Back of the Envelope: Weak Competition Is Costing Us 250,000 Health Care Jobs
March 10, 2017
By John Sturm
Policymakers are quick to consider the costs that uncompetitive markets impose on consumers: monopolies and oligopolies raise prices above the fair, competitive level. But competition policy isn’t just about prices; it’s also about jobs. When a firm raises prices, fewer consumers buy its goods or services. As a result, the firm produces less than it would in a competitive market and therefore needs fewer workers. These effects may play a significant role in U.S. labor markets, one surprisingly overlooked in a political climate so focused on jobs.
So, just how many jobs would exist in more competitive markets? To obtain a ballpark estimate, let’s focus on the U.S. hospital and outpatient care industry, which employs about 12.5 million people. Since 1990, the healthcare industry has been characterized by increased consolidation and rising profits. According to the American Hospital Association’s Annual Survey, hospitals had an average operating margin of 6.4 percent in 2014, and according to Sageworks, a financial information company, outpatient facilities have been extremely profitable in recent years, with net profit margins around 14 percent.
Any increase in competition would reign in these high levels of profit. Of course, a decrease in profits could result from higher prices and lower quantity or lower prices and higher quantity, but information about the demand for healthcare—how much consumers would buy at different price levels—resolves this uncertainty. One can therefore translate the profit-reducing effect of competition policies into estimates of their impact on healthcare consumption.
A simple model that formalizes this logic leads to the following result: The fractional increase in quantity of health services provided due to a change in the industry-wide profits of inpatient and outpatient facilities is equal to ( (1-P’) / (1-P) )^(-e), where P is the original profit margin, P’ is the new profit margin, and e is the elasticity of demand for health services, or the percentage change in quantity demanded per percentage change in price.
Recent work shows that a 1 percent decrease in the cost of healthcare will lead a typical, insured consumer to consume about 1.1 percent more health services. However, about two-thirds of U.S. healthcare spending corresponds to the small number of individuals who spend more than their out-of-pocket maximum and so are insensitive to prices. We therefore assume that each 1 percent decrease in the cost of healthcare causes one-third of medical spending to increase by 1.1 percent and two-thirds of medical spending to be unchanged, so that total spending increases by 0.37 percent. This implies an elasticity of -0.37 percent.
We consider a scenario in which stronger competition reduces profits of both inpatient and outpatient facilities by half. Since inpatient and outpatient facilities each account for about half of expenditure, this would decrease the average, industry-level profit margin from around 10.2 percent to around 5.1 percent. Plugging into our model, such an increase in competition would result in the production of about 2.1 percent more services.
In theory, medical facilities could increase their output by investing in technology that replaces labor. While such a shift is possible, there is little reason to believe that increased output will accelerate it; the education and health services sector maintained a roughly constant labor share of income between 1987 and 2011, at around 85 percent, despite substantial expansion during that period. Should this relationship continue to hold, a 2.1 percent increase in the output of hospitals and doctors’ offices would correspond to an equal increase in employment, or about 250,000 jobs.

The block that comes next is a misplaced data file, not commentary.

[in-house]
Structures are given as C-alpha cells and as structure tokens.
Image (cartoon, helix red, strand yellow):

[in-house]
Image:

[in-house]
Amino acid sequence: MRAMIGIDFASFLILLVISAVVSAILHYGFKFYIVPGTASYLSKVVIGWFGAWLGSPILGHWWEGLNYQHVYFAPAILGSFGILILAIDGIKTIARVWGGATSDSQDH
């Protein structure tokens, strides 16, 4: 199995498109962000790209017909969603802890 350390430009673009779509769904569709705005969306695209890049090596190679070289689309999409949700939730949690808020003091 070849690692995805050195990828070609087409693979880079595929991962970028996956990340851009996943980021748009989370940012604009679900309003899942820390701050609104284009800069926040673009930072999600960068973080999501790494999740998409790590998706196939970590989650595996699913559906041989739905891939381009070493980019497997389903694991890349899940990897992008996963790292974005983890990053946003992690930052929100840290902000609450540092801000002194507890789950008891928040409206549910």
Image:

This estimate relies on a variety of assumptions. First, it assumes profits are just the product of quantity and the difference between price and unit cost. A modified model which considers that firms have upfront costs, such as investments in expensive medical equipment, only strengthens the relationship between profits on quantity produced. Second, our simple profit function ignores that the cost of providing medical services may rise as demand increases. Indeed, higher demand could exacerbate the current shortage of doctors, allowing them to extract even higher salaries. Various policies—including expansion of U.S. residency funding, reform of cartel-like licensing boards, and loosening of regulation on nurse duties—could address this issue, increasing the supply of doctors without increasing wages.
Beyond assuming a certain profit structure, this estimate uses an elasticity of demand based on the spending of insured consumers; it ignores that cheaper health services will push down the cost of health insurance, so that more people buy health insurance and therefore consume more health services. This omission results in a more conservative estimate, but it avoids relying on assumptions about the competitiveness of the health insurance industry.
Setting aside the details, this back-of-the-envelope estimate illustrates a few general principles. First, competition policy does not exist solely to protect consumers from price hikes. When goods and services are cheap, consumers demand more of them, so firms employ more workers to produce higher quantities. Second, these effects can be substantial: stronger competition could create 250,000 jobs in healthcare alone. Finally, effective competition policy requires action at multiple nodes in a supply chain, so that efficiency gains flow through to consumers. Such reforms can fix broken markets, increasing efficiency and creating jobs while also—not rather than—redistributing income from wealthy shareholders to consumers and workers.